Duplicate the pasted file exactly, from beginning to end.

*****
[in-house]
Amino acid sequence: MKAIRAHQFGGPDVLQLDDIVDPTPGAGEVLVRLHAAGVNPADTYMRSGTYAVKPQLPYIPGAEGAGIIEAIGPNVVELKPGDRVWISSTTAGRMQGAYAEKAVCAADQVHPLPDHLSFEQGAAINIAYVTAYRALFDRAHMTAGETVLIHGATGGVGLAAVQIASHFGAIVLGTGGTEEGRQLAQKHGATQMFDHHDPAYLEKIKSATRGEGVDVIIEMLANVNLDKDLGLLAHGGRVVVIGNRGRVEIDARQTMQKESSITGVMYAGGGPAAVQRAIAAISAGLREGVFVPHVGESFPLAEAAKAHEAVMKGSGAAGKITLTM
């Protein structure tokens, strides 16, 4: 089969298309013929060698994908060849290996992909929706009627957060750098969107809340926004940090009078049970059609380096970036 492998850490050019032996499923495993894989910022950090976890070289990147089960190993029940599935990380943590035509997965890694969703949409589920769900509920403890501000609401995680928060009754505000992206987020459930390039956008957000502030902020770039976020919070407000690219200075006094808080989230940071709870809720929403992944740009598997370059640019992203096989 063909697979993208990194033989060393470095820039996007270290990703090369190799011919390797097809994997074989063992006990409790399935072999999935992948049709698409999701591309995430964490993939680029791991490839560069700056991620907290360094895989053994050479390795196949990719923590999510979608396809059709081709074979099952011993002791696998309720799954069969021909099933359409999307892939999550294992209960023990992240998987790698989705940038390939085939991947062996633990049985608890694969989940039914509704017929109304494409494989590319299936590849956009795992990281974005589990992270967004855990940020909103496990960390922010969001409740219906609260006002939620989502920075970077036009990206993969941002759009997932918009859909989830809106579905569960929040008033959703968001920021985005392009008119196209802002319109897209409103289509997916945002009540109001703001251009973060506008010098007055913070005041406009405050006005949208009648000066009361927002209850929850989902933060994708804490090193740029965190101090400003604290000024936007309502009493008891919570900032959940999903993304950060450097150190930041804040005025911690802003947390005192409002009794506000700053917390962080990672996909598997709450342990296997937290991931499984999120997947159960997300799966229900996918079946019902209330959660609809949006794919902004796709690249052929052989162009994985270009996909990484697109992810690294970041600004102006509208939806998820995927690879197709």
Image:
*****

[in-house]
Amino acid sequence: MKAIRAHQFGGPDVLQLDDIVDPTPGAGEVLVRLHAAGVNPADTYMRSGTYAVKPQLPYIPGAEGAGIIEAIGPNVVELKPGDRVWISSTTAGRMQGAYAEKAVCAADQVHPLPDHLSFEQGAAINIAYVTAYRALFDRAHMTAGETVLIHGATGGVGLAAVQIASHFGAIVLGTGGTEEGRQLAQKHGATQMFDHHDPAYLEKIKSATRGEGVDVIIEMLANVNLDKDLGLLAHGGRVVVIGNRGRVEIDARQTMQKESSITGVMYAGGGPAAVQRAIAAISAGLREGVFVPHVGESFPLAEAAKAHEAVMKGSGAAGKITLTM
């Protein structure tokens, strides 16, 4: 089969298309013929060698994908060849290996992909929706009627957060750098969107809340926004940090009078049970059609380096970036 492998850490050019032996499923495993894989910022950090976890070289990147089960190993029940599935990380943590035509997965890694969703949409589920769900509920403890501000609401995680928060009754505000992206987020459930390039956008957000502030902020770039976020919070407000690219200075006094808080989230940071709870809720929403992944740009598997370059640019992203096989 063909697979993208990194033989060393470095820039996007270290990703090369190799011919390797097809994997074989063992006990409790399935072999999935992948049709698409999701591309995430964490993939680029791991490839560069700056991620907290360094895989053994050479390795196949990719923590999510979608396809059709081709074979099952011993002791696998309720799954069969021909099933359409999307892939999550294992209960023990992240998987790698989705940038390939085939991947062996633990049985608890694969989940039914509704017929109304494409494989590319299936590849956009795992990281974005589990992270967004855990940020909103496990960390922010969001409740219906609260006002939620989502920075970077036009990206993969941002759009997932918009859909989830809106579905569960929040008033959703968001920021985005392009008119196209802002319109897209409103289509997916945002009540109001703001251009973060506008010098007055913070005041406009405050006005949208009648000066009361927002209850929850989902933060994708804490090193740029965190101090400003604290000024936007309502009493008891919570900032959940999903993304950060450097150190930041804040005025911690802003947390005192409002009794506000700053917390962080990672996909598997709450342990296997937290991931499984999120997947159960997300799966229900996918079946019902209330959660609809949006794919902004796709690249052929052989162009994985270009996909990484697109992810690294970041600004102006509208939806998820995927690879197709």
Image: